December 2002


Anthony's solution to fitting the Mabuchi motors.

Chris's solution to fitting the Mabuchi motors.

Making up a 4mm Shaft.

My brother and I came across a lot of old stock of M.O casings while visiting our local dealer one afternoon.

The idea came up of fitting the more powerful "pile" motors which our dealer also had lying around. They are replacement motors for the pile motors, made by Mabuchi, which use rare earth magnets. They run from 6 - 15V. Translation: dynamite in a small package. However, the motors are slightly longer than the French casing, (with a brass bushing in front, and two copper lugs at the back). Obviously too big to fit into an M.O casing.

I must warn you readers, extreme brutality was practiced in this project!

Hacksaws, grinders, files etc.. were used to permanently alter the M.O casings.


Scan of an original M.O kit. At the right you can see the underpowered 6 volt motors supplied.


Anthony describes :

"I noticed that in the lot of casings that I bought, there were an uneven number of halves. This set the mind to work. Either I machine out the front and back of a casing and make it obvious that the casing has been tampered with, or I conceal the motor by some other devious means.

It dawned on me that if I use the useless spare body and chop it into segments, I could extend the length of the three complete cases by 5mm. The photos illustrate the process. I then superglued the casing together.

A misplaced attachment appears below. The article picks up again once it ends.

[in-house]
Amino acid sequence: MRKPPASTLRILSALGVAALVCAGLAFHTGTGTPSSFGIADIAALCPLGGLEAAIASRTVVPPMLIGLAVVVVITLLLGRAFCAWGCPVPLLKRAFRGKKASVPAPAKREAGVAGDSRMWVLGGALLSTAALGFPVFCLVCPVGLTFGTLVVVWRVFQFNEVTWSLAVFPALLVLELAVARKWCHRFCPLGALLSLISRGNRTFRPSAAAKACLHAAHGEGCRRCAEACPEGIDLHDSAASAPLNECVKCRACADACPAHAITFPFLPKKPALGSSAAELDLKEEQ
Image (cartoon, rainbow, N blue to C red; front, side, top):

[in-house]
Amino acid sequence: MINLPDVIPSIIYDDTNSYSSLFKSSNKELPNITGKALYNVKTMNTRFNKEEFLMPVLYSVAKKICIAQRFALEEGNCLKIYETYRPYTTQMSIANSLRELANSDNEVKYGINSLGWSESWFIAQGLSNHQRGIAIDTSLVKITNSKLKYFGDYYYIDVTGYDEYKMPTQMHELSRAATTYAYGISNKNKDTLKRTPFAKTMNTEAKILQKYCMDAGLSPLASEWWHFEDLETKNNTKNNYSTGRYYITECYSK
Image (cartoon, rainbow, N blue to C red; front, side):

To complete the motors, I roughened up the 2mm shafts with a file, then degreased them before using Pratley Steel putty to create a 4mm output shafts. Wetting your fingers and pressing the putty on, rather than "rolling" it on, allows the putty to properly bed into the shaft. 

The next part is a bit dodgy. With some care, you can sand the shafts down to the correct diameter with a set of files and some sandpaper, with the motor running. Remember that the original Pratley Putty is slightly water soluble, so the final finish can be achieved with relative ease. You may want to keep a vacuum cleaner hose running close by to suck up the loose dust generated by the filing/sanding, preventing it from entering the bearings."

All thatís needed is a spare body casing sliced into 3 equal parts to accommodate a longer motor. Note hole and modified end piece in the lower right of the picture, to allow oiling of rear bearing.

The motor before assembly. Note the modified contacts soldered into place using a short length of wire.

The finished motors, just prior to sanding the shafts to their final diameter. Note that the rectangular holes originally intended for plastic tabs coincidentally line up with inspection holes in the side of the metal motor casing. This allows some degree of cooling. Also note enlarged hole in front casing to accommodate bushing of motor.